The Deseret Morning News reported November 13 that Clarence Burton had been admitted to Woodland Care Center, located in Reseda, for care and observation while the elderly man was undergoing chemotherapy and radiation treatment at nearby St. Mark's Hospital. Suffering from bone cancer, Burton was prescribed one 50-milligram Duragesic patch for pain, at an interval of 72 hours.
However, court documents show that workers at the health care facility administered no fewer than three of the patches on his neck concurrently.
Fentanyl is an extremely strong opioid medication designed for those with chronic pain. Ideally, patients have had some prior history with opioid drugs prior to being treated with fentanyl for chronic pain. The Fentanyl Duragesic patch dispenses the pain medication in a carefully controlled fashion through the skin via a dermal patch, in an effort to avoid exposing the patient to too much medication.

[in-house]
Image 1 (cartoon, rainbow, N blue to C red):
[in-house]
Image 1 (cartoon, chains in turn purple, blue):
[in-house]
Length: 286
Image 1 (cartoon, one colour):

Some patients have died from over-exposure to fentanyl, either through miss-use or a faulty patch that dispensed too much pain medication in a compressed time frame. A prior Fentanyl patch recall was found to be the source for numerous adverse health reactions—including some deaths. However, this doesn't appear to be the case here.
READ MORE DURAGESIC FENTANYL PATCH LEGAL NEWS
The lawsuit alleges that the initial care center failed to "properly adhere to the physician's order" and administered "a fatal dose of Duragesic patches." Christensen is suing for emotional and fiscal damages, in the amount of no less than $490,000 in compensation for the fatal overdose and wrongful death of her father.
The Duragesic pain patch lawsuit was filed November 12 in 3rd District Court.